Verification of Unusual
Rec. # 2007-21
|Scientific name:||Colaptes chrysoides|
|Date:||February 19, 2007|
|Time:||early afternoon ~1400 hrs.|
|Length of time observed:||Observed: 3-5 minutes|
|Location:||Beaver Dam Slope|
|Elevation:||~ 850 m|
|Distance to bird:||~15 -60 m|
|Optical equipment:||Zeiss 85 T 20-60 x Diascope,|
|Light Conditions:||clear midday light|
|Description: Size of bird:||see below|
|(Description:) Basic Shape:|
|(Description:) Overall Pattern:|
|(Description:) Bill Type:|
Field Marks and
Observed in flight, flying overhead and landing on a large, dead, Joshua Tree,
approximately 60 meters north of the road. In flight, it seemed relatively
small, and appeared to have yellow shafts on wing feathers. We set up the scope
and viewed the perched bird for a few minutes. The entire time it was perched on
the back side of the Joshua Tree branch with 2/3rds of its body in view,
including belly, chest, head, and wings.
In flight, overall dark, with prominent white rump patch and very dark tail. Primary shafts of wings appeared yellow in flight.
Long and large dark bill with a noticeably curved upper culmen; dark eye prominent on pale face; face, cheeks, throat and sides of head light gray offset from brown/tan crown and nape; brownish tan area extending from top of bill through eye and across top of head and down nape;
prominent black patch on center of breast, half circle-shaped; lower breast and belly light brown with dark spots.
Unfortunately we were not able to observe the underside of the tail or barring on the back, however the face and crown color and pattern are distinctive.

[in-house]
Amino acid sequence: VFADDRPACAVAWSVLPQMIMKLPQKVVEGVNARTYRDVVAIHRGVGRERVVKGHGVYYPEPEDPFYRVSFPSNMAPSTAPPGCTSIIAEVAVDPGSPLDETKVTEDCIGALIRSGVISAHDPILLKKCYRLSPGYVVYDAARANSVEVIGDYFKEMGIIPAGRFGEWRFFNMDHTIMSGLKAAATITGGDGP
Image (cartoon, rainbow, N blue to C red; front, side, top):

|Song or call & method of delivery:||none heard|
|Behavior:||flying / perched|
|Habitat:||Beaver Dam Slope, large Joshua Trees across from corrals on top of hill above Beaver Dam Wash, Lytle / Big Cottonwood Ranch road crossing.|
were they eliminated:
Very similar to Northern Flicker, however smaller and distinguished from eastern
yellow-shafted form by color of face and crown (brown and gray respectively
rather than gray face and
brown crown). Distinguished from western red-shafted female by lack of brown in the malar area and brown crown extending down to nape.
Other helpful characters not viewed include the pattern of the underside of tail.
I ve also read that the barring on the back of Gilded Flickers is lighter, and the spots on the belly are more crescent-shaped , however I ve never been able to see a noticeable difference in these characters and use them to distinguish Gilded Flickers.
this & similar species:
|I've seen Gilded Flickers numerous times in the Mojave and Sonoran Deserts.|
|Description from:||Notes taken at time of sighting|
|Observer's address:||Hurricane, UT|
|Observer's e-mail address:||email@example.com|
|Other observers who independently identified this bird:||Kevin Wheeler|